I hope things are clearer now. :-)

share|improve this answer
    
This is what I'm doing, but the same problem persists. –  user1177016 Jan 29 '12 at 23:49
1  
Then you don't need to reload customObject from the user defaults every time you switch tabs, because customObject already holds the current state. You just need to save customObject to the user defaults when leaving a view. The only time you need to load customObject from user defaults would be when your app starts. –  Emile Cormier Jan 29 '12 at 23:58
    
@user1177016 Can you expand on the problem? If the view controllers are sharing the same instance of CustomObject, then they can't possibly be out of sync because there's only one. Have the controllers use KVO to observe that object as Emile suggests so that they notice when the data changes and can take appropriate action. –  Caleb Jan 30 '12 at 0:02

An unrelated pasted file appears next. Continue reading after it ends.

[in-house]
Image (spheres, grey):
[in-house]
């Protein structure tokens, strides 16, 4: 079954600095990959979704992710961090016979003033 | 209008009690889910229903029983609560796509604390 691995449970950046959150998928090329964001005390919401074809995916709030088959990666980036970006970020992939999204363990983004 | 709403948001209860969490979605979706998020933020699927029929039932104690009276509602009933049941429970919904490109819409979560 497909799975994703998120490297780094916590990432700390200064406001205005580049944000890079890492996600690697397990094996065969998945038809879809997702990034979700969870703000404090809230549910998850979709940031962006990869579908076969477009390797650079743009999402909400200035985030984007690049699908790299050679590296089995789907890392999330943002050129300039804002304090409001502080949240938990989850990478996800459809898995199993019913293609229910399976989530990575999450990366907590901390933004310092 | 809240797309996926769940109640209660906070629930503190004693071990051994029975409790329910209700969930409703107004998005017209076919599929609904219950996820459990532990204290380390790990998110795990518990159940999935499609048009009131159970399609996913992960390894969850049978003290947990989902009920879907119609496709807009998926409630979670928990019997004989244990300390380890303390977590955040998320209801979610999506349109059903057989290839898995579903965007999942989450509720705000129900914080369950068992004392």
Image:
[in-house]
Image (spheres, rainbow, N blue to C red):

The customObject changes the contents of the dictionary as things happen in the viewcontroller. So when the view appears, the dictionary is loaded. Things happen. When the dictionary is saved as the view disappears, it is potentially a different dictionary. The custom object has methods and other things associated with it to change the dictionary. From the documentation, I thought I could not save customObject using NSUserDefaults, which is why I only saved the common bits into an NSDictionary. –  user1177016 Jan 30 '12 at 0:05
    
@user1177016: There is nothing wrong with that approach for saving/loading customObject. What bothers me is that you needlessly reload customObject when it is already up-to-date. –  Emile Cormier Jan 30 '12 at 0:11